When does basement qualify as legal bedroom?

Homeowner believes tax assessment is wrong

Dear Barry,

We just learned that the county tax assessor is counting our basement as an additional bedroom. This increases the appraised value of our home and requires us to pay higher taxes. We’ve never regarded the basement as a legal bedroom because the window is very small and the sill is more than 5 feet above the floor. Also, the basement has no clothes closet, as one would expect in a bedroom. What are the applicable requirements that would qualify our basement as a legal bedroom? –Leslie

Dear Leslie,

Your basement does not qualify as a bedroom unless it has window dimensions that meet a list of particular requirements. These standards can vary in their specifics, depending on which building code is used in your area, but the general intent is the same regardless of the code that is in force. Basically, bedroom windows must be large enough and low enough to enable emergency escape, and the window size must meet minimum standards to provide natural light and adequate ventilation.

For emergency escape, the following standards apply: The openable portion of a bedroom window must have a minimum dimension of 5.7 square feet, unless the sill is lower than the outside grade level. In that case, the overall dimension must be at least 9 square feet. The width of window openings must be no less than 24 inches and the height no less than 20 inches. If the windowsill in a basement bedroom is lower than the outside grade level, there must be an exterior window well that meets an additional list of minimum size requirements.

Windowsills in any bedroom must be no higher than 44 inches above the floor, although lower sills were often allowed in older homes. In a basement bedroom, sill heights can exceed 44 inches if there is a permanently installed ladder or stairway to the window opening.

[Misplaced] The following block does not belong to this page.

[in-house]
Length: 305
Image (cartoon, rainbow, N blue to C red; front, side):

As a source for natural light, the area of the window, according to the Uniform Building Code (UBC), must be no less than one-tenth of the room’s floor area. In municipalities subject to the International Residential Code (IRC), this requirement is only 8 percent of the floor area.

As a source of exterior ventilation, the UBC requires the area of the window opening to be no less than one-twentieth of the room’s floor area. According to the IRC, only 4 percent of the floor area is required.

As for storage, there is a common belief that closets are required in bedrooms. The fact is, no such standards can be found in any of the building codes. Closets are included in the construction of homes as a standard of practice, not as a legal requirement.

If you believe that your home has been incorrectly evaluated by your local tax assessor, you can request a review of their assessment. If they are unwilling to cooperate, you can complain, in person, to your local elected representative (i.e. city councilperson or county supervisor).

To write to Barry Stone, please visit him on the Web at www.housedetective.com.

 


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